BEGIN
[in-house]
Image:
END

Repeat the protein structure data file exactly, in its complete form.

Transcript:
[in-house]
Image: